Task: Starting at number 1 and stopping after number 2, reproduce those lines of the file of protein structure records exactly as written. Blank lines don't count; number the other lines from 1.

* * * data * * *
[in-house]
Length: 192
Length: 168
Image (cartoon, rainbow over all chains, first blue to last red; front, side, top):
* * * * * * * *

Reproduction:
[in-house]
Length: 192